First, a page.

I won't even get started on the decision to play down the religious aspects or how on earth the producers intend to make this work in the second and third books where this emerges as the overriding drive of the plot. How on earth the death of god and the acsendancy of Metatron can be reinterpreted escapes me entirely. I sense an almighty fudge coming.
Its sad because there is otherwise much here to be admired. Lyra's world is for the briefest of moments through out the film beautifully realised and the animation of the daemons at least is a triumph. There's no doubting the effort. Casting man of the moment Daniel Craig was also a clever decision and hopefully he and Nicole Kidman can combine for something of a success story in the second and third films- assuming they are ever made.
The truth is that this film has been on it way for years, riding a fever pitch of anticipation, and there is no hiding the sadness and disillusionment of the Pullman faithful to see what has become of the first instalment. Forget lord of the rings- think phantom menace. And how sorry I am to say so.
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Showing 1-4 of 4 posts in this discussion
Initial post: 21 May 2008 14:05:04 BDT
You summed it all up. I have no need to write another word. I'll simply say, what a waste.
Posted on 25 Sep 2009 15:21:49 BDT
Last edited by the author on 25 Sep 2009 15:22:36 BDT
I am a big reader and a bigger movie buff and this is by far the most accurate review I have ever read on this website. Spot on and well done.
There was so much potential with HDM (Our nations 3rd favourite book according to The BBC's Big Read!) and I sincerely believed that the film would get a 12A certificate, some negative publicity driven by The Church and that Mr Potter would be promptly knocked off his pedestal. The fact of the matter is that the studio bottled it. Had the studio have been braver, JK Rowling would be presently dabbing the beads of sweat off her brow because with Lyra and Will in the blue corner and Harry and Hermione in the red corner, there was only ever going to be one winner.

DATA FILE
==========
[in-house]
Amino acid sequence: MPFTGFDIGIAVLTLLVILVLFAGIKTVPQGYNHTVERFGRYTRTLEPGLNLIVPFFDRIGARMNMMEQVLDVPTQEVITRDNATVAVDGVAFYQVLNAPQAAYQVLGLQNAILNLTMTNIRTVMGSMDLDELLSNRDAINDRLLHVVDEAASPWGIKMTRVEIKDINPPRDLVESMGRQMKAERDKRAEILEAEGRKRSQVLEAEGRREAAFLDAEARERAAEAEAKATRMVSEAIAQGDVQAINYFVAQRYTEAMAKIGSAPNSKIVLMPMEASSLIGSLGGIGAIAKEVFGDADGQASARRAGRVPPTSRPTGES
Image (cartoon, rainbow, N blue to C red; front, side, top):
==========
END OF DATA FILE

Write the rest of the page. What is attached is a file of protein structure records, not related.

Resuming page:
As I tell anyone who watches this film, 'Read the trilogy as a whole and you will be astounded by its brilliance!'
Posted on 6 Nov 2009 14:05:50 GMT
Excellent review. I knew this film would be dreadful the moment I looked at the casting, hardly anyone is suitably cast IMO. That's only the start of the issues with this film.
To anyone else: read the books, they're fantastic.
In reply to an earlier post on 29 Dec 2009 16:16:46 GMT
Should have focused more on the plot/story than the casting. Most of the actors did not fit their role. Harry Potter for instance, managed to visually represent characters from the books as people had imagined them (at least in my case). Northern Lights in my opinion was terribly miscast, as if the director thought his failings in vision could be redeemed through good acting, that was not the case.
I hope this film is redone in the future. A trilogy based off this would not work. I've read the books, and I could not work out what was going on in the movie as the story was so thinly outlined.